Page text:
Students attend graduation ceremonies at the University of Alabama in Tuscaloosa, Ala. Two-thirds of college students now graduate with debt, owing an average amount of $24,000.
Butch Dill AP

Originally published on Fri February 21, 2014 10:36 am

In 1984, it cost $10,000 a year to go to Duke University. Today, it's $60,000 a year. "It's staggering," says Duke freshman Max Duncan, "especially considering that's for four years."

But according to Jim Roberts, executive vice provost at Duke, that's actually a discount. "We're investing on average about $90,000 in the education of each student," he says. Roberts is not alone in making the claim. In fact, it's one most elite research institutions point to when asked about rising tuition.

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Parallels
12:03 am
Fri February 21, 2014

The World According To Vladimir Putin

Putin greets his Syrian counterpart, Bashar Assad, in Moscow on Dec. 19, 2006. Russia has remained a steadfast ally of Assad despite three years of civil war and Western calls for Assad's ouster.
Mikhail Klimentyev AP

Originally published on Fri February 21, 2014 12:29 pm

The worldview of Russian President Vladimir Putin could be summed up along these lines:

Moscow's precipitous decline in global influence since the Soviet breakup must be reversed. Russia must be respected as the dominant power in former Soviet republics like Ukraine. Russia is entitled to a strong voice in the Middle East based on longstanding ties to Syria and other Arab states. In the rest of the world, Russia will be a counterweight to the U.S. and the West, which meddles in far too many places.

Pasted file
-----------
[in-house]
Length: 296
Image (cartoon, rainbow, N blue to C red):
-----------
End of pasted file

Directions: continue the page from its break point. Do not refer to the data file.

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Code Switch
8:07 pm
Thu February 20, 2014

For Abused Native American Women, New Law Provides A 'Ray Of Hope'

Deborah Parker, vice chair of the Tulalip Tribes of Washington state, reacts to President Barack Obama signing the Violence Against Women Act in 2013 in Washington.
Manuel Balce Ceneta AP

This Thursday, three Native American tribes are changing how they administer justice.